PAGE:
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MSWA Bulletin Winter 2020

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RESEARCH RESEARCH ROUND UP SUE SHAPLAND RN, BN, MSCN GENERAL MANAGER STRATEGIC SUPPORTS AND RESIDENTIAL OPTIONS FROM MULTIPLE SCLEROSIS NEWS TODAY Read more at: Ability to ‘Create’ Astrocytes Supports Their Damaging Role in MS, Like Diseases, Patricia Inacio PhD. A new study shows an inflammatory environment can turn astrocytes, key supportive cells for neurons, into their killers, fostering the progression of neurodegenerative diseases like MS. In a first, researchers at the New York Stem Cell Foundation, created astrocytes derived from human stem cells (hIPSCs). They then placed these cells in an inflammatory environment and observed what happened. Following inflammatory stimulation, the astrocytes become reactive, dysfunctional, and toxic, triggering neuronal death — all of which opens ‘a window for the study of their role’ in neurodegenerative disorders. The group, and others, look forward ‘to using our new system to further explore the intricacies of astrocyte function in Alzheimer’s, multiple sclerosis, Parkinson’s, and other diseases’ in the hope it will ‘point us toward new treatment opportunities’ that might slow or prevent neurodegeneration. Australian Review Suggests ‘Gut Mucus May Help Ease MS, Other Neurological Diseases, Patricia Inacio PhD. An Australian review of 113 neurological, gut and microbiology studies, by researchers at the RMIT University in Melbourne, suggests tweaking the protective properties of the gut mucus, a layer lining the inside of the gut, to boost the proliferation of good bacteria potentially could halt the development of neurological disorders, like MS. The gut is lined with a mucus layer, key for a healthy gastrointestinal system, with properties adapted to each segment. In the small intestine it’s more porous, to facilitate nutrient absorption, while in the colon it becomes thicker, acting as a physical barrier against harmful bacteria but allowing the natural, beneficial community of microbes living in the gut – the gut microbiome – to thrive. The gut is innervated not only by the autonomic nervous system, but its own network of neuronal cells that regulate the functions of the gastrointestinal tract, called the enteric nervous system (ENS). Increasing evidence shows that changes in the gut and its microbiome have far-reaching implications and are commonly found in people with neurological disorders, such as autism, Parkinson’s and Alzheimer’s disease, and also MS. “Mucus is a critical protective layer that helps balance good and bad bacteria in your gut but you need just the right amount – not too little and not too much,” said Elisa Hill- Yardin in a press release. Hill-Yardin is a professor at School of Health and Biomedical Sciences, RMIT University and the study’s senior author. “Researchers have previously shown that changes to intestinal mucus affect the balance of bacteria in the gut but until now, no one has made the connection between gut mucus and the brain,” Hill-Yardin said. She believes that “microbial engineering, and tweaking the gut mucus to boost good bacteria, have potential as therapeutic options for neurological disorders.” 8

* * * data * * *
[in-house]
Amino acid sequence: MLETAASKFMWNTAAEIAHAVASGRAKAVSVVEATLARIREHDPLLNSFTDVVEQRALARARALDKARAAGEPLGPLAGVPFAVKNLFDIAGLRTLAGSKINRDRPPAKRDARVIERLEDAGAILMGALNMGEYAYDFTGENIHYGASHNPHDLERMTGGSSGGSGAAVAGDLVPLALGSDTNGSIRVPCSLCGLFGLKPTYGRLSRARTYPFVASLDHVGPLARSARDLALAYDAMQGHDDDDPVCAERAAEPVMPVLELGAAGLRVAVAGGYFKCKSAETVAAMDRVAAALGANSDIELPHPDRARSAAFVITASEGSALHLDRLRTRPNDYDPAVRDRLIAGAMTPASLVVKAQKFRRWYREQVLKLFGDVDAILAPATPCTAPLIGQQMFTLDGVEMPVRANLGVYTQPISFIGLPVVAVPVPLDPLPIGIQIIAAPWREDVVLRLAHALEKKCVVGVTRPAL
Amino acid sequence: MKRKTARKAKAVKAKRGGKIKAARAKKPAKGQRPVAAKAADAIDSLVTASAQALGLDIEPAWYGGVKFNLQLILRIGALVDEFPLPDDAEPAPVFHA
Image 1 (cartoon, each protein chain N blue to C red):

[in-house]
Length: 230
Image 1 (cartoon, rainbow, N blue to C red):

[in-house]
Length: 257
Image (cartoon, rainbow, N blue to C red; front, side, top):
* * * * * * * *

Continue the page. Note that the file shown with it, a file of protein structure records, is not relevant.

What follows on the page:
HERE WE PROVIDE SOME SUMMARIES OF RESEARCH SOURCED FROM WEBSITES IN AUSTRALIA AND AROUND THE WORLD; WE HOPE IT’S OF INTEREST TO YOU. WE HAVE INCLUDED BOTH MS SPECIFIC AND OTHER NEUROLOGICAL RESEARCH UPDATES. READ MORE AT MSWA.ORG.AU/RESEARCHUPDATE FROM MS RESEARCH AUSTRALIA Read more at: Cutting Edge Technologies Help Discover Unknown Cells in the Human Body. Australian scientists have discovered nine subpopulations of a subtype of B cells (a type of immune cell) which differ in people with MS compared to those who don’t have MS. They also differed in people with active MS compared to those with inactive MS. The human body is made up of many different types of cells; the exact number of types is unknown. More and more subtypes of cells are being discovered as technology improves. MS Research Australia funded researchers have been using the latest technologies, which is providing unprecedented insights into changes in particular subtypes of immune cells that occur in people with MS. The group of Sydney researchers have been studying the immune system and examining and characterising the proteins on the surface of B cells and made some exciting discoveries. These findings highlight the exciting possibilities new technologies bring, and that measuring these B cells may help us understand when a person with MS might develop active forms of the disease and how various treatments might be working, including UV radiation therapy. The group has identified previously unknown subsets of cells which correlate with MS attacks on the central nervous system, suggesting that some of these subtypes of cells are potential targets for highly targeted therapies which could impact the progression of MS. Copper Delivery as a Potential Treatment for MS, Associate Professor Peter Crouch, University of Melbourne. One of the laboratory models used to study MS is based on treating mice with a compound that binds to copper in the body, which causes loss of myelin. However, no research has yet investigated exactly how the compound causes the myelin cells to die in mice and whether this provides clues as to how myelin is damaged in MS. Using techniques previously used for his research into MND, Associate Professor Crouch will determine whether MS-affected tissue in mice and in people with MS is functionally deficient in copper. The project receives funding support from The Trish MS Research Foundation. In this study, Associate Professor Crouch will examine both the levels of the copper dependent enzymes in the tissue and their actual copper dependent enzymatic activity. Differences between these two measurements can reveal functional copper deficiency despite no change in copper levels within the tissue. This project will be the first to assess the specific activity of multiple copper dependent enzymes in a laboratory model of MS and in post-mortem tissue from people with MS. It will therefore be the first to provide clear biochemical data to indicate whether there is a link between functional copper deficiency and loss of myelin in MS. Associate Professor Peter Crouch (right) & Dr James Hilton (left), University of Melbourne. 9